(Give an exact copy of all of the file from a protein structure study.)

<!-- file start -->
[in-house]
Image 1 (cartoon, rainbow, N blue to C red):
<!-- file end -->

[in-house]
Image 1 (cartoon, rainbow, N blue to C red):